Wednesday, May 30, 2018

Mid-Week Post

Your middle-of-the-week frozen treat ...

I will wager that Andrew Scheer has never had an ethics probe launched against him because his company stood to benefit from a pension plan unlike some financial ministers one could mention:

Morneau faced off against Scheer in question period hours after the minister unveiled the pricey deal to salvage the British Columbia pipeline expansion project. Prime Minister Justin Trudeau was not in the House of Commons to answer questions on the move.

(Sidebar: a trust-fund slacker whose work experience is almost solely being a substitute drama teacher was not at work during that exchange. How interesting.)

Scheer said the prime minister was cutting a cheque with taxpayers' money for "shareholders in a Texas-based company," while at the same time claiming he wants to attract investment in Canada. Scheer asked how much of the $4.5 billion will be invested back in Canada.

"With no business experience, I understand the member opposite might not understand what we're talking about," Morneau shot back before arguing that the Kinder Morgan assets will create long-term value for Canadians.

But Morneau's personal dig spurred outbursts from the Conservative benches. After House Speaker Geoff Regan asked for cooler heads to prevail, a Tory MP told him to "calm down daddy's boy." 

The remark, which drew applause from Conservatives, was an apparent dig at how the finance minister's former company, human resources firm Morneau Shepell, was founded by his father.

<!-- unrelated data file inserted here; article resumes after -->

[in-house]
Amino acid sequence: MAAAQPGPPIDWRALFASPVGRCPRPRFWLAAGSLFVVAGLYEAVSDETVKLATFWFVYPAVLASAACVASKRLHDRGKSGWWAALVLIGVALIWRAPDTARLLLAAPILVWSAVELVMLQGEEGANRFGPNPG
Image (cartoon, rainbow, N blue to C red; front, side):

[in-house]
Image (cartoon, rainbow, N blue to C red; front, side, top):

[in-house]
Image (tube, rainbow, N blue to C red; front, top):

Surely Mr. Morneau would like to apprise the Canadian taxpayer of the mounting costs of this debacle in the interests of transparency.

As the Conservatives demand to know how much the carbon tax will cost Canadian families, the Trudeau government claims they can’t release that info until September.

However, that means the Trudeau government is asking Parliament to support legislation before it is even known what the financial impact of that legislation will be on Canadians.

According to the CP, Finance Minister Bill Morneau said “details on how much people will pay will only be determined in September after each province reveals their individual approaches to applying the policy.”

Farmers in Saskatchewan see a twenty-two percent decrease in their income

Saskatchewan farmers are seeing less income, according to a new report released by Statistics Canada this week.

The province's farmers saw a 22 per cent decrease in total net income from 2016-2017, with nearly a billion dollar decrease from the previous year.

Canada as a whole saw a 2.5 per cent decline, the first country-wide downturn since 2013 and only the second decrease since 2009.

Four provinces besides Saskatchewan saw decreases: Nova Scotia, New Brunswick, Quebec and Ontario.

(Sidebar: the last four provinces were not only the first provinces of the Dominion of Canada but voted Liberal in the last federal election.)

Well, it took him long enough:

In the document, the PCs reiterate a number of promises already laid out by their leader, Doug Ford, including a pledge to cut taxes for the middle income bracket and businesses, reduce the price of gasoline by 10 cents per litre. They also promise hundreds of millions of dollars for various infrastructure projects.

The plan reveals how much each commitment is expected to cost, but makes no mention of the at least $6 billion of "efficiencies" Ford has previously said a PC government would find. It also makes no mention of when a PC government would balance the province's budget.

Oh, that pesky detail.

But it would hardly need balancing if people didn't put Kathleen Wynne into power, so there's that.

Yes, the country's security is for sale. Just ask Justin: